WASHINGTON — Trying to spare a traumatized public, the Federal Emergency Management Agency on Tuesday asked broadcasters and cablers to halt any testing of emergency signals until early next month.
Request was relayed by the Federal Communications Commission.
“In connection with the recent terrorist attacks, and in order to avoid potential public confusion or fear, FEMA has requested that broadcast stations suspend their routine weekly and monthly tests of the Emergency Alert System (EAS) until Oct. 2, 2001,” the FCC said in confirming FEMA’s instruction.
“Additionally, during this period, cable systems need not comply with the rules regarding the handling of the routine weekly and monthly EAS tests,” the FCC said.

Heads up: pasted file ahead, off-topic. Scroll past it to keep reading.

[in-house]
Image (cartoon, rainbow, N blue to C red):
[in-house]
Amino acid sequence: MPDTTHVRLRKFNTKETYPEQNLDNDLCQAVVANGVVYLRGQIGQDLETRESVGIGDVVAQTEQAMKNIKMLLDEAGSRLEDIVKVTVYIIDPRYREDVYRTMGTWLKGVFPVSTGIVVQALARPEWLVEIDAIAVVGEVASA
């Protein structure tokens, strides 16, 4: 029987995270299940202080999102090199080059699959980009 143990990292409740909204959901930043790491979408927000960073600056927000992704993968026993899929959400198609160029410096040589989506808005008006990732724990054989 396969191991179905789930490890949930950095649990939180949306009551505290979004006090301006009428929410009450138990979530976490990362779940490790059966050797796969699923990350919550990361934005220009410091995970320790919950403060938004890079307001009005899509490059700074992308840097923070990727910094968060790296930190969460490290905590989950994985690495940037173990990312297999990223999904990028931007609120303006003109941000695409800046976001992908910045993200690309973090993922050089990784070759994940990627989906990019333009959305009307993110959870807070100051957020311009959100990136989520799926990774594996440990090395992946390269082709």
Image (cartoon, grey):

However, any broadcaster that has additional EAS responsibilities for which routine testing remains necessary may go ahead and sound the alarm, as appropriate.
It’s possible that FEMA may ask for an additional period of suspension. If so, the FCC will notify broadcasters and cablers.
The stoppage of emergency testing systems was considered and endorsed by the FCC’s emergency management advisory committee.
In general, the FCC has commended the TV biz for its job in keeping the public informed in the wake of devastating terrorist attacks on Gotham and Washington, in which hijacked planes smashed into the World Trade Center and the Pentagon.
Both the National Assn. of Broadcasters and the National Cable & Telecommunications Assn. have distributed public service announcements regarding the crisis and what the public can do to help.